A big factor in my decision was the ease I find in updating my blog compared to my website.  The website updates always seemed like work.  Posting new articles and interviews on my blog is fun.  Meeting readers and authors through their visits to me and my stops at their blogs is great.  It's so easy to create links to other sites, to other pages in my blog, as well as inserting pictures and video.  So good bye website.
On a different note, today is the second day since Beyond the Gate was released in ebook.  My publisher put up a cool trailer at the top of their website for my book. 
How many of you keep both website and blogs?  How often do you update either of them?

Saturday, January 1, 2011

HELLO and Good Bye

Happy New Year! Hopefully you all have some wonderful events to look forward to in 2011.  The first day of the new year brings my first highly anticipated event.  Today is the official release date for Beyond the Gate!

Ebook Cover

Book #2 in The Futhark Chronicles picks up the story only moments after the end of book #1, The Keepers of Sulbreth.  It has two terrific covers, one for the ebook and one for the print.  You can purchase the ebook here and probably other places also.  It's not up on Amazon yet and my publisher is blaming them for being behind. 
You can buy the print book here if you'd rather have that.  Being my book, I prefer to have it both ways.  LOL.

Print Cover

I have other good news I'll share later this week but I do want to take this chance to say good bye to some dear friends.  My local chapter or RWA, called Central Pennsylvania Romance Writers, are a talented, supportive and friendly bunch.   Our monthly meetings are filled with laughter and generosity as members share knowledge and support.  I've learned so much from then and am certain I would never have been published without them.  But the economy (well, two kids in college) forced me to some tough choices this past year and one of those was to end the high yearly dues I must pay the national organization, RWA, to belong to my local group.  Their rules disallow membership in a local group if one doesn't pay the hostage fee, I mean dues, to the national organization.  So I say farewell to those lovely people and wish them the best.  Perhaps I'll rejoin later but in the meantime I'll keep in touch with many of them through my blog, their blogs, facebook and a few are fellow members of Pennwriters, a statewide and much less expensive group to belong to.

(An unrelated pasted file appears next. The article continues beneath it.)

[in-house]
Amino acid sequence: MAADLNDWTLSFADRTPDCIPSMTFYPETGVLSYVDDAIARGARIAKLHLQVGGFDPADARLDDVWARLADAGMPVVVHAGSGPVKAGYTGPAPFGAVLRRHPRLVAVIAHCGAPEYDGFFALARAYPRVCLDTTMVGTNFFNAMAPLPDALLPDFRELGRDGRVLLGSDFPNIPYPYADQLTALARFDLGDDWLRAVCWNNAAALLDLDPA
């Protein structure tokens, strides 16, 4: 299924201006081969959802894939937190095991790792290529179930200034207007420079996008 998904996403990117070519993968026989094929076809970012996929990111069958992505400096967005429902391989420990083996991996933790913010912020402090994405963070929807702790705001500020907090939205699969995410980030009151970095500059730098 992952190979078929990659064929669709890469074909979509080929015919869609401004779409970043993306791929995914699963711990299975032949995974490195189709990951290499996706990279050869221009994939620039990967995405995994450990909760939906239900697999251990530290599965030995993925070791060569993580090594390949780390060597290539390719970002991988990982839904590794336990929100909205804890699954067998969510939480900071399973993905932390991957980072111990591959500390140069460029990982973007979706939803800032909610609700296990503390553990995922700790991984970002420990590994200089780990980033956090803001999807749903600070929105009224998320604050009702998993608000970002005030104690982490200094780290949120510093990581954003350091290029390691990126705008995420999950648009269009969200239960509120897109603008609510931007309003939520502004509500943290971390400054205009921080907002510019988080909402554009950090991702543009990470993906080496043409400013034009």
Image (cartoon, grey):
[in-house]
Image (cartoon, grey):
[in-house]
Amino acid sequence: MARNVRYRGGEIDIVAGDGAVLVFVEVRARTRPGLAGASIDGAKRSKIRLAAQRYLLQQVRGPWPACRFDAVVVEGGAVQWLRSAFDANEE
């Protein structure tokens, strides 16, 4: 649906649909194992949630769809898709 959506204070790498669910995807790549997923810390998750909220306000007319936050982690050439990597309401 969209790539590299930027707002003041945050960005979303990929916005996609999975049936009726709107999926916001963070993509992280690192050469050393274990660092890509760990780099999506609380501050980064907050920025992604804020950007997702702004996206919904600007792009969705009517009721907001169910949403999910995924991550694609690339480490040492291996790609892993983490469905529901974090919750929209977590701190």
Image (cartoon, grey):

I'm thrilled about some of the things going on over the next few weeks, most of them related to the release of Beyond the Gate.  I have a blog tour later this month, ankle surgery later this week (ouch) and another book being released later this winter.  Busy and busier and wonderful.  So hello to 2011.